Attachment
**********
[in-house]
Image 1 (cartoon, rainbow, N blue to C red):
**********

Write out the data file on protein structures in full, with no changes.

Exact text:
[in-house]
Image 1 (cartoon, rainbow, N blue to C red):